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Toronto Dance Theatre presents mix of Christopher House’s masterworks at Confed Centre

In its 50th season, Toronto Dance Theatre showcases one of Canada’s finest choreographers, Christopher House, in “House Mix,” coming to the Confederation Centre of the Arts in Charlottetown on Jan. 20. – Photo by Guntar Kravis
In its 50th season, Toronto Dance Theatre showcases one of Canada’s finest choreographers, Christopher House, in “House Mix,” coming to the Confederation Centre of the Arts in Charlottetown on Jan. 20. – Photo by Guntar Kravis - Submitted

CHARLOTTETOWN, P.E.I. – On Jan. 20, Toronto Dance Theatre’s “House Mix” will celebrate the past, present, and future of Christopher House, one of Canada’s finest choreographers, on stage at Confederation Centre of the Arts in Charlottetown.

Traditional dancers are trained to a degree of obedience, similar to athletes who train in a particular sport. The goal is to perfect the skill and as a result, deliver an exciting and impressive performance for the audience.

Contemporary dancers differ slightly in that while perfecting their skills, they’re also developing a sense of play, which results in not one performance being the same, similar to sports matches, where anything can happen.

“It’s one of those things that I think really attracts us to sports,” says House. “Decisions are made in the moment based on what comes up, and it’s interesting to create a situation with dance in which that happens.”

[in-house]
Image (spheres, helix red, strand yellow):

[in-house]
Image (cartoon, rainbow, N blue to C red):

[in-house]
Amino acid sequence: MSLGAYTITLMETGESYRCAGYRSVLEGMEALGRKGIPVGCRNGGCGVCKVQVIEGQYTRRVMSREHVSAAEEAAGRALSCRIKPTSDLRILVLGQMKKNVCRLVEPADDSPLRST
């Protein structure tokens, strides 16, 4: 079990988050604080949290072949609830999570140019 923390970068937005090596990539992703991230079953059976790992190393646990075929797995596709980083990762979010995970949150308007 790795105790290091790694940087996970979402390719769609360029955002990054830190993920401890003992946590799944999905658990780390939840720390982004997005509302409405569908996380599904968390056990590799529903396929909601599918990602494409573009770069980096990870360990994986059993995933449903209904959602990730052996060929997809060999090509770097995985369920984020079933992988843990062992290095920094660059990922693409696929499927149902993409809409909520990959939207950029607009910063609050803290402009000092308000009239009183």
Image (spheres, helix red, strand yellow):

The choreographer says that in the digital world where much of our lives are dominated by technology, it’s a challenge to encourage people to come out and see live theatre. The advantage of contemporary dance, he notes, is that there is something intriguing and dynamic about watching people interact with each other in a live setting.

“Contemporary dance celebrates the body and group of people working together, but what is also interesting are the questions that come up that aren’t fixed in the narrative,” says House.

He goes on to explain, “If the choreography is really working, it’s making you sit forward in your seat with a sense of curiosity of what’s happening and with pleasure in knowing that you’re participating in the making of meaning.”

“House Mix” is a retrospective look at the works that House is most proud of and are also interesting for the dancers to perform. He is quick to point out that while the pieces are all different, the opening and closing pieces really take physical risks.

“The pieces have complexity, rhythm, and musical changes. The dancers need to know precisely where everyone else is at all times,” says House. “And let’s be honest, one of the great things about live performances is our recognition that there is potential for failure.”

For tickets visit: www.confederationcentre.com/en/show/369-Toronto-Dance-Theatre.

“We know you’re going to love this performance so much that we will guarantee your enjoyment or offer a full refund from the box office within the first 20 minutes of show time.”

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